Posted by: BPM 1000 on December 14, 2009 at 9:14 AM | PERMALINK

To paraphrase neill, goddamn joe liebermanns shit filled soul to hell.

Posted by: socratic attitude on December 14, 2009 at 9:46 AM | PERMALINK

Maybe it's time for the timid Harry Reid to utter a word of criticism of the abuse of the filibuster.

Posted by: AlphaLiberal on December 14, 2009 at 10:50 AM | PERMALINK

Harry Reid has plenty of leverage with Lieberman -- if he wants to use it.

He can take Lieberman aside and explain the options:

Whatever Lieberman wants for the remainder of his term will be opposed by anonymous holds, etc. Lieberman will never get another bill through the Senate. Tit for tat.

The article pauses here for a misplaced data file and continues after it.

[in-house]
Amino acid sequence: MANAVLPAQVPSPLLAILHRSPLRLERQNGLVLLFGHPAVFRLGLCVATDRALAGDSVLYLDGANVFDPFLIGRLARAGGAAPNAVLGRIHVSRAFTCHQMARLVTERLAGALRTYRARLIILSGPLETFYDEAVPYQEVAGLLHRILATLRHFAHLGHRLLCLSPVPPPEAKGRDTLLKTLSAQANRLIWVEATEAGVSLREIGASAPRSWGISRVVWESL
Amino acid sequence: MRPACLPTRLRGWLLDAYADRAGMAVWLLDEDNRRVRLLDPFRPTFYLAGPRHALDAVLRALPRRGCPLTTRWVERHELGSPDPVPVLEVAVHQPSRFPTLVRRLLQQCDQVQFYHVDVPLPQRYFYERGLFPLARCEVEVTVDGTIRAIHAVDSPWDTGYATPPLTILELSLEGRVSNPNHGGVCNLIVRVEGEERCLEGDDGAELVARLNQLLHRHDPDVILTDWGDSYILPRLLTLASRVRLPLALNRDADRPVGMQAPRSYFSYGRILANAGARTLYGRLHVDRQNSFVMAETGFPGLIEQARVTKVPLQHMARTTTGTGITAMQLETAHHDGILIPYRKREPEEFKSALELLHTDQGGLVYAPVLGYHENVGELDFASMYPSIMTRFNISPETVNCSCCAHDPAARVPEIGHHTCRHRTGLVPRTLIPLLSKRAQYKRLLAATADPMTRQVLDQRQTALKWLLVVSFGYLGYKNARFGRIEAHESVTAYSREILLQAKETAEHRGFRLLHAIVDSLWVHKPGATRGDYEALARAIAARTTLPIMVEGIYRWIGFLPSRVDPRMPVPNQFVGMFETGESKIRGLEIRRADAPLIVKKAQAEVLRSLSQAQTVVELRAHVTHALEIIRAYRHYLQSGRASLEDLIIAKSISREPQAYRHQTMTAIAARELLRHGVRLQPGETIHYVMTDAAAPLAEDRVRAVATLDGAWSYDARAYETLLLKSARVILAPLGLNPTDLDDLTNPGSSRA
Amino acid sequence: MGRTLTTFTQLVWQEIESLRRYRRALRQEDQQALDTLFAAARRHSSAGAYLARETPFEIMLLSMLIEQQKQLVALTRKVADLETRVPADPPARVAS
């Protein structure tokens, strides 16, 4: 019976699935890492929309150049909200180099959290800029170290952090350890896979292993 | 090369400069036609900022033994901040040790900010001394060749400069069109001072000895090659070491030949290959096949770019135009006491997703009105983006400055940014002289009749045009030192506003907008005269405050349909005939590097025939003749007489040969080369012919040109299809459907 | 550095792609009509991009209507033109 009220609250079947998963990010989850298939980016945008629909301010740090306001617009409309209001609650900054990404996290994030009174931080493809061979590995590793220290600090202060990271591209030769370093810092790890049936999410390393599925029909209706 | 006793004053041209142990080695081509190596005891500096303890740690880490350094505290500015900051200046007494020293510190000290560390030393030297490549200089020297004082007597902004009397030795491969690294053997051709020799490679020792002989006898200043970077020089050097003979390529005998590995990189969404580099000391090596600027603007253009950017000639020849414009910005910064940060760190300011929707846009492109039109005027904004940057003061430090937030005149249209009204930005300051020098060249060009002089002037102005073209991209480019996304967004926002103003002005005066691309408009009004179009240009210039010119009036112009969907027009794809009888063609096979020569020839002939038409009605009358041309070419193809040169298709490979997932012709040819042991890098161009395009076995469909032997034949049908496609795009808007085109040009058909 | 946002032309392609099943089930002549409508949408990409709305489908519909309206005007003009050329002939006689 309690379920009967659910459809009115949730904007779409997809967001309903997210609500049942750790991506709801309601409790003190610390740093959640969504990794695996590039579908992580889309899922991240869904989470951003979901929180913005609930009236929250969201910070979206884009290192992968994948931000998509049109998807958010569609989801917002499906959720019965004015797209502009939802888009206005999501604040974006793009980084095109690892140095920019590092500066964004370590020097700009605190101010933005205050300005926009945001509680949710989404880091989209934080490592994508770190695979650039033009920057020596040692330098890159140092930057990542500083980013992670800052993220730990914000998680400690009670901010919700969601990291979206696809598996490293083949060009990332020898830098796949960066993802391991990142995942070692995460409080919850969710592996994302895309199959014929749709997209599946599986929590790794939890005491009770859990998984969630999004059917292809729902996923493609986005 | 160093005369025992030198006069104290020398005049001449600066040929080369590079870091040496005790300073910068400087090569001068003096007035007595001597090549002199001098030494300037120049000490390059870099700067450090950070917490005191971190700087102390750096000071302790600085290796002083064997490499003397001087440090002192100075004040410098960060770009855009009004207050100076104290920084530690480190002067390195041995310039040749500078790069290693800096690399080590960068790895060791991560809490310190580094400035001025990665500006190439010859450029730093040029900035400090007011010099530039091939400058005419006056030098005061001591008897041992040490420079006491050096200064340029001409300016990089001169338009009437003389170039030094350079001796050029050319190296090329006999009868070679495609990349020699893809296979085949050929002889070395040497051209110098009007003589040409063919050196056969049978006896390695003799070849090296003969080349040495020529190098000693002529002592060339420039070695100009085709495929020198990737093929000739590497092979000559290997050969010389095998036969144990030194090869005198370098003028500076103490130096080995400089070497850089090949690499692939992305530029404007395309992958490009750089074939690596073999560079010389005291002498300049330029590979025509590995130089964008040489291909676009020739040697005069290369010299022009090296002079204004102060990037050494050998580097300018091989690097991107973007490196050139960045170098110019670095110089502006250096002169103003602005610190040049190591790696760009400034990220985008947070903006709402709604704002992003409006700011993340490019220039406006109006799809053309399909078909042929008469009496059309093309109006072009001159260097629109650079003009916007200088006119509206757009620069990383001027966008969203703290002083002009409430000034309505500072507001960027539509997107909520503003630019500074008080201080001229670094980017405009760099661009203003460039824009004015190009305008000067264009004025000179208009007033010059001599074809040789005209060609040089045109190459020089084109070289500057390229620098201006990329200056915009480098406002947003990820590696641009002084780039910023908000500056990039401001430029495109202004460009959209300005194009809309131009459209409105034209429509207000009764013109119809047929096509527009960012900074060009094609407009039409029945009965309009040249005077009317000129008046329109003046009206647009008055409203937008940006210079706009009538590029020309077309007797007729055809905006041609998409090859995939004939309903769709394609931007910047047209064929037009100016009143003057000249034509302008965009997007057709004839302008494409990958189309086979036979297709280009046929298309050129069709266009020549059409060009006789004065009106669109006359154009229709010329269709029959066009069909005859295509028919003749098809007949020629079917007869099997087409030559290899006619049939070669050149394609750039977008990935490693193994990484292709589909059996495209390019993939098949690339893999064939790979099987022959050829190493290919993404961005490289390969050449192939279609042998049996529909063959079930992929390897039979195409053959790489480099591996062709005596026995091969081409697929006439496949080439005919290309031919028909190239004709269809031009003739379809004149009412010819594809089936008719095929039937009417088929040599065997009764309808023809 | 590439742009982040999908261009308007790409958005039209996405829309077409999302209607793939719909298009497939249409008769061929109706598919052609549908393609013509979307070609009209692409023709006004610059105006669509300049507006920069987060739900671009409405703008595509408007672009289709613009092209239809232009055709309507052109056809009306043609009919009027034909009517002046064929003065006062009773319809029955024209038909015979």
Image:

If Lieberman runs for reelection in 2012, Democrats will actually oppose him (unlike the last election where Senators supported him over the Democratic candidate Lamont) and paint him as the Senator who killed health care reform. So much for keeping a Senate career going.

If Lieberman retires and becomes a lobbyist, he will have no Democratic friends (and no influence to peddle) in the Senate. And word of this will be leaked to the right people. So much for a new lobbying career.

Or Lieberman can vote with the caucus on a very important procedural vote. He can still vote his "conscience" (if he has one) on the bill itself.

Don't think Reid doesn't know how to do this. It seems to me that Reid isn't all that disappointed with the way things are going. His business friends are happy to be winning the battle. And Reid has a good excuse to sell to the public -- he tried his best, you know, so it wasn't his fault.